Public invited to learn about Delta restoration project

05/08/2014 12:15 PM

05/08/2014 12:16 PM

The U.S. Army Corps of Engineers is proposing to restore 90 acres of tidal marsh in the Delta near Bethel Island, and the public is invited to comment and learn about the project at a meeting Friday in Sacramento.

The project calls for using soil and sediment previously dredged from the Stockton ship channel to fill in small portions of two islands in the Sacramento-San Joaquin Delta that flooded many years ago: Big Break and Little Franks Tract, both near Bethel Island in Contra Costa County.

The two locations are as much as 20 feet below sea level. More than 1 million cubic yards of dredged material will be moved to the two sites and deposited to reduce that depth. Portions of each site will be brought back above the water surface, so that tides will again sweep across the land surface as they once did in the Delta’s original state.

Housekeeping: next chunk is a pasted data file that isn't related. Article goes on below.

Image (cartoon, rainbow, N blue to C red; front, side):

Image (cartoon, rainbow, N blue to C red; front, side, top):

Since the late 1800s, about 95 percent of the Delta’s tidal marsh habitat has been lost to land development, eliminating habitat vital to wildlife. Tidal marsh is essential to many of the Delta’s native species, including salmon, Delta smelt, tricolored blackbird, western pond turtle, and numerous species of waterfowl and shorebirds.

The project is estimated to cost $22 million, which will be shared equally by the Corps and the California Department of Water Resources, the state sponsor of the project.

Friday’s meeting is from 2 to 4 p.m. at the Sheraton Grand Hotel, 1230 J St., in Sacramento. For more information, including an environmental impact study on the project, visit: Or contact Robert Kidd at the Army Corps, (916) 557-5100,


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